Through the first two weeks of the off-season, I haven’t heard much out of the Phillies’ front office that’s made me happy. The payroll isn’t going up much, despite a year of record attendance and post-season revenues I assume they didn’t budget for but that included eight home dates, one short of the maximum possible (they didn’t need that Game Five against the Rockies, thankfully). Yet they’re looking at pricey but questionable free agent additions to the bullpen like Fernando Rodney; are evidently hot once again for aging Mark DeRosa ("he's a Penn grad" really isn't a very compelling reason to bring the guy onboard); and reportedly are planning to bring in a "defense-first" type for infield depth. That’s four "ughs" right there, all along the lines of past mistakes we’ve seen the Phillies make—in fact, they’ve made these exact mistakes in previous offseasons. Read Roberto Hernandez for Rodney, David Bell for DeRosa, and Abe "No-Hit" Nunez for whatever slick-glove guy they bring in for the bench.
Yet I find myself unable to get too worked up about it anymore. it’s not because I don’t care; it’s because I’m now (almost) convinced that whenever my views diverge from those of GM Ruben Amaro Jr., the strong likelihood is that he's right and I’m wrong.
As I noted right after the season ended, the Phils did something amazing in Amaro's first season as the Phils’ GM—something I suspect is unprecedented in baseball history: they won a second straight pennant in a year when five of their best six pitchers from the first pennant campaign were either hurt or ineffective for most of the year. Amaro's moves, both to bolster the offense and to add in an ace and deepen the bullpen, were the biggest reason why; other than J.A. Happ, no 2008 holdover was all that much better this time around. (Joe Blanton was better too, but mostly he was on hand all year.) Either this guy is the luckiest baseball exec in the history of ever, or he really knows what he’s doing.
And with the one (big) exception of the Cliff Lee trade, I didn’t like most of Amaro’s big moves at the time he made them. I wrote last winter that the market-shaping deal for Raul Ibanez was so bad that "I can't even make a joke about this"; Ibanez absolutely carried the team through the first two months and quickly became a fan (and TGP) favorite. Evidently I was so bummed out by the signing of Chan Ho Park last December that I didn't write anything about it; he only turned out to be the team's most consistent reliever. I didn't like bringing in Pedro Martinez; he had far more left in the tank than I’d guessed, to the point of making two World Series starts. Even the little depth plays, for the likes of Rodrigo Lopez and Tyler Walker, turned out to be helpful. (He did foul up the backup catcher situation, parting ways with Jason Jaramillo, Ronnie Paulino and Chris Coste and dealing Lou Marson in the Lee deal before winding up with the useless Paul Bako; nobody gets 'em all right.)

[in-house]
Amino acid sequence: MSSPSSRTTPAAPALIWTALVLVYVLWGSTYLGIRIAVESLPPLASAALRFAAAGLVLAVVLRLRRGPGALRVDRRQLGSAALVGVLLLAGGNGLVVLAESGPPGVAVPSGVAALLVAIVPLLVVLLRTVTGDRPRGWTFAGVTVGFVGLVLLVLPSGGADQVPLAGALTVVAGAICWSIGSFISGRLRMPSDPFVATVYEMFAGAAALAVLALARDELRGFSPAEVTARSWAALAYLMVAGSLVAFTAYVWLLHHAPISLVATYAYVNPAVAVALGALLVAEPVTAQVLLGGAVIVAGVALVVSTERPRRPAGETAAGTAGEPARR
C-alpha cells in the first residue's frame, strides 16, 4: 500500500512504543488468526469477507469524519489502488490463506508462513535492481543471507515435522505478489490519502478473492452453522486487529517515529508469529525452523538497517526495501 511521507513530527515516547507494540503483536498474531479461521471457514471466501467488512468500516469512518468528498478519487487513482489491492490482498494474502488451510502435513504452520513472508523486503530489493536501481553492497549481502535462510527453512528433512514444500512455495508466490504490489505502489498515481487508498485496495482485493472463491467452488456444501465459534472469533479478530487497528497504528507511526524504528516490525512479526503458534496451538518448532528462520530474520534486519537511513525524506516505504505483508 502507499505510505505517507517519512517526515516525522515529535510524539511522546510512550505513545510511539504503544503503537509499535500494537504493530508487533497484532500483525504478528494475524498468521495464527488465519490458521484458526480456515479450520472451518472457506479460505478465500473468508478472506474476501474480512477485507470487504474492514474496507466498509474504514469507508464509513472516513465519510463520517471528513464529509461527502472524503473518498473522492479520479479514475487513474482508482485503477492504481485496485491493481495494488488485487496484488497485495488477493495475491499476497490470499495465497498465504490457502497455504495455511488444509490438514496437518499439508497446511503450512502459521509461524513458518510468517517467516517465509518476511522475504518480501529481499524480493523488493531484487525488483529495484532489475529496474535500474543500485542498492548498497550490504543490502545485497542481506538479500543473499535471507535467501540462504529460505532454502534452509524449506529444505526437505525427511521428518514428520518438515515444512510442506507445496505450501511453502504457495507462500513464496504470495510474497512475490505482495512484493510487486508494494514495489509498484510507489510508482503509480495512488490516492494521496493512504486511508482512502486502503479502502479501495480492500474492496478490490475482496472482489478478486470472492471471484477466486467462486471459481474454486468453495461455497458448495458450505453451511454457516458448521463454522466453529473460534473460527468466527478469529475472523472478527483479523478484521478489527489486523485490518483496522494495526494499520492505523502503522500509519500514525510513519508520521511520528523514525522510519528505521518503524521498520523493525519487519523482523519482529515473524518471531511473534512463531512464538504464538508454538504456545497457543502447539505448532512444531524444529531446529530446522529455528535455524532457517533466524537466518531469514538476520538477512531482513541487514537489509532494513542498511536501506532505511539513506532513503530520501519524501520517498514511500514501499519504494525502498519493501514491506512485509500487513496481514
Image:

Actually, the first big decision involving Amaro that I had a problem with was... his hiring. Coming days after the Phils won the 2008 World Series, it felt like a nepotism/comfort move, elevating an organizational lifer who hadn't proven himself to anyone outside the team's offices. It didn't help that Amaro came off as smug to the point of self-righteous; rumors abounded of his disdain for performance analysis, perhaps informed by his own experiences in a baseball uniform. With some of the other executive talent on the market last winter, not to mention the passing over of his front-office rival Mike Arbuckle, I feared and believed that the Phillies' residence in baseball's upper echelons would prove all too brief. But a year into his tenure, he seems to have taken the best of the two general managers he learned under, fusing Ed Wade's resolve to keep his very best prospects with Pat Gillick's aptitude for reading the market and adding talent in-season. If the Phillies plummet in the next few seasons, it likely will be from a rash of injuries or key players suddenly getting old--not a slew of boneheaded front office moves.
I don't generally enjoy being wrong. But I do enjoy the feeling, for the first time in more than a quarter century, that the people running my favorite baseball team have more of a clue than I do. So when the Phils bring in Mark DeRosa, David Weathers, Brian Schneider and John McDonald as their big offseason additions, for once I'm going to try and keep the faith.